Men's Health

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Why we still need to talk about men’s health

Conversations around men’s health are changing. Gone are the days when we were limited to only discussing prostate problems or sexual function. In today’s world, men are being increasingly encouraged to talk about all aspects of their health – from physical to mental to emotional. As such, we must take a holistic approach to men’s health.

The way we approach men’s health has changed dramatically in the last few years. For too long the concept of men’s health was limited to either prostate problems or sexual function, but increasingly, men are being encouraged to focus on all aspects of their health. As such, we should approach men’s health holistically. I strongly believe that a decline in sex drive, muscle mass, concentration, or energy, is not something men should accept as “normal for age” anymore. As such, I am passionate that we encourage and support men to take their health seriously.

Testosterone Deficiency

Men need testosterone for many aspects of healthy living. Not only is it the male sex hormone, responsible for facial hair, muscle mass, and sexual function, it also provides men with energy, motivation and protects them from heart disease and brittle bones. For a long time testosterone deficiency has been seen as a normal part of the ageing process. However, it is now estimated that it could affect more than 1 in 10 men over 50. Acknowledging this as an issue is the first step, with testing and treatment easy and relatively non-invasive.

Prostate Health

Prostate problems are extremely common in men over 40, while prostate cancer is the most common form of cancer in men. Currently there is no national screening plan in place for detecting this disease as tests we have are not sensitive or specific enough.  However, much can be done to reduce the risk of missing prostate cancer, and also improving treatment options and survival by catching it early. It is therefore vital that men begin to feel more able to discuss such issues.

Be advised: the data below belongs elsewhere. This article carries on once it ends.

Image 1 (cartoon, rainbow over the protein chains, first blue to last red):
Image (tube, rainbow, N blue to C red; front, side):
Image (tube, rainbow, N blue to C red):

Erectile Dysfunction

Erectile Dysfunction (ED) is estimated to affect one-third of all men at some point in their lives, but for many doctors and patients, it can still be a taboo subject. In addition to the relationship problems, stress, and depression having ED can cause, the condition itself is often an underlying marker of other, more serious medical conditions. Treatment for ED is far more complex than little blue pills, and I believe by making patients feel at ease and giving them the time it need not be the difficult topic it can be for so many. 

Health Checks

Prevention is better than cure. Health screening is designed to prevent ill health and to detect disease early enough so that it can be treated properly, giving you a better quality of life. Over the age of 30 men start to decrease their natural testosterone production, become subject to the effects of heart disease, and can start to develop risk factors for many other illnesses. We are encouraged to service our cars regularly, and we should the same about our bodies and minds too. It is much easier to manage or correct a small problem before it becomes a big which may be irreversible.

Many patients ask what is different about our health checks?

It is easy for patients to attend doctors and get a series of “tick box” screening tests, broadly classed as a health check, but this assumes we are all the same. My aim is to tailor a health check to meet individual risk factors, lifestyles, age, stresses, family history and past medical history. By doing so, we can construct a health check specific to the health needs of each patient. After all, all men are different, so why should their tests be the same? Specific elements of a male health screen include history, examination, mental wellbeing assessment, blood tests, prostate and hormone profiles, cardiovascular risk, ECGs and X-rays or scans where appropriate. There are hundreds of screening tests available, often marketed as vital to your health. But not all are appropriate or even needed. Therefore, it is important we select tests based on evidence, assessment, and the best indicators of potential health problems. Finally, should any illnesses be diagnosed that require specialist care, we work closely with a range of specialist hospital consults that we can discuss cases with and refer the same day.

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